Elena Rykova: Asymptotic Freedom II (2020/21) World Premiere – 60’
Commission of the Darmstadt Summer Course, La Muse en Circuit
and the Wittener Tage für neue Kammermusik
for six electric guitars
Participants of the Darmstadt Summer Course
Giuseppe Mennuti (Electric Guitar)
Chris Moy (Electric Guitar)
Francesco Palmieri (Electric Guitar)
Ruben Mattia Santorsa (Electric Guitar)
Alex Tentor (Electric Guitar)
Samuel Toro Pérez (Electric Guitar)
ELENA RYKOVA: ASYMPTOTIC FREEDOM II
EXCERPTS FROM THE ASYMPTOTIC FREEDOM II SCORE, PAGES 1 & 35
ELENA RYKOVA ABOUT COMPOSING FOR ELECTRIC GUITAR
What is special about composing for electric guitar?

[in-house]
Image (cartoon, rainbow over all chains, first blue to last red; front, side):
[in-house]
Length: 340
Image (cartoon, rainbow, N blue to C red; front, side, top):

Elena Rykova: I guess, it will be a different answer for each person, but for myself it’s a personal passion for the instrument. I had been a classical piano player before I seriously dived into composition. But despite the fact that I spent a lot of hours with the piano, I always had this passion and a dream to play the guitar. I had a classical guitar at home, but no one taught me professionally how to play it. So I never really learned it, but I always wanted – like all kids in school – to have a band. And all these things affected me on an emotional level when I think about this instrument. In a way, it’s a very special instrument to write for, because it’s not only the compositional process but all the background I have in mind: music that affected me as a person, which is not classical music, which is not new music, but rock music, alternative music, pop music, everything we hear on a daily basis, even if we actually don’t aim to listen to music. We are walking around and there are always songs to listen to and most of them are set with guitars. So, writing for it was like taking into consideration all these aspects as well as historical and new music aspects, new techniques. But at the same time, the general history of the electric guitar and my personal history of the instrument, of its sound and of all different (rock) musicians and performers. It’s a very, very complex and huge world.